What are the insider tips that you give to other lawyers who want to start representing people at the naturalization interview?
Hi, I’m Jim Hacking. Immigration Lawyer practicing law throughout the United States. Had a very interesting morning today. I got to go down to legal services of Eastern Missouri. I was asked to come down and present to a group pf lawyers who’ve decided to volunteer and help represent low income and poor people who are applying for citizenship. They asked me to give a little presentation. I spoke for about an hour and they asked me not to video tape it or to broadcast it over Facebook Live due to some regulator guidelines that they have to follow.
Obviously I was happy to abide by that but I thought why miss out on the information that I provided and why not share it with you my viewers. When lawyers decide that they want to start doing things on a pro bono basis they still owe all the same ethical duties to their clients. Duty of good representation, of competency, so these lawyers came down to legal services for free CLE which is Continuing Legal Education.
Lawyers have to take classes every year and this class was free for them and they learned all the ins and outs of immigration. I gave them a real basic understanding of how the immigration process works, the hierarchy of how you can go from being a non-immigrate visa to and migrate visa with a green card and then to citizenship and all the different pitfalls and problems that arise. We also talked about the four different ways of getting a green card.
Through a spouse or employer, or through the diversity visa or through asylum. I think our audience was very interested in it and I think we really opened a lot of eyes to people. We talked about how we view immigration as more blood sport and not just a nice touchy-feely time for everyone to get along but whether where we are advocating forcefully for our clients just like we would in court. Immigration is not a silly or trivial matter, it’s very serious, it’s very important and we’re talking about people’s lives. We wanted to make sure that these attorneys who are volunteering to get involved with citizenship really understand the importance of what it is that they’re doing.
We talked about how we always encourage our clients to move up the immigration ladder. To take an immigration benefit as soon as they can. When it came to the naturalization interview itself and the N-400 we really wanted o emphasize a couple of things. 1. Citizenship and the interview is really the last chance the immigration service has to decide whether or not someone gets to stay in the country or not. Once they’re naturalized it’s very difficult to denaturalize and to take away their citizenship and it’s almost impossible to deport them unless they have first stripped someone of their citizenship. This is a huge undertaking. It involves filing suit in federal court.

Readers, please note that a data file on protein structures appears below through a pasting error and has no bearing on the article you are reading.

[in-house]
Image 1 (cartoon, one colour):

This is really the immigration services last opportunity to weigh in on whether someone deserves to stay in the United States. We also talked about how, while the N-400 can appear deceptively simple, it looks like a straight forward form, we wanted to makes sure that these attorneys understood that each of the questions is related to specific area of the law and regulation or provision and statute that would prevent someone from being able to get their citizenship.
For instances, there’s a statutory requirement that a naturalization candidate show that they’ve been a person of good moral character for five years. There are a series of questions that are devoted to that question. There’s also questions terrorism. There’s a lot of questions that may seem silly but we made sure that the attorneys understood that they have to go through each of the questions carefully with their clients. We also emphasize how a lot of clients really want to get the thing filed as quickly as possible. We encourage these newer attorneys to the immigration realm that they really need to take their time and make sure they have a good conversation with their client.
Naturalization is important. It’s very nerve-racking for the clients and it’s very emotional when it gets approved. We talked about the human aspect of it too. We talked about how in St. Louis we have a lot of refugees and that’s sort of the clientele of people who are getting citizenship cases filed on a pro bono basis would come from. We talked about how these people might not be traditionally comfortable with dealing with government officials. Back in their home country they weren’t able to leave an interview if they wanted to or they weren’t able to not answer questions.
We really want to make sure that the attorneys understood that they’re dealing with people and you have to take the people as they come and look at them as a whole. So we really emphasize both the legal aspects of it but we also talked about practical things. The kinds of things we tell our clients to do and not to do in the interview. No jokes, no sarcasm, just listen to the questions asked and not give a big long tale. Just answer the questions truthfully.
If they have any questions about what kind of an answer to give, to always tell the truth. We think our attorney friends that attended the session got a lot out of it today. We hope that this summary interested you and let you know what it is that we look out for in the N-400 naturalization context. If you do have any questions feel free to give us a call at 314-961-8200 or you can email me firstname.lastname@example.org. If you like this video be sure to like it below and subscribe to our YouTube channel so that you get updates whenever we make new videos. Thanks a lot.